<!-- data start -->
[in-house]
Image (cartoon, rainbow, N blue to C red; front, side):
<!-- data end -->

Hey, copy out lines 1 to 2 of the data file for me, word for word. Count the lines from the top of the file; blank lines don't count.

[in-house]
Image (cartoon, rainbow, N blue to C red; front, side):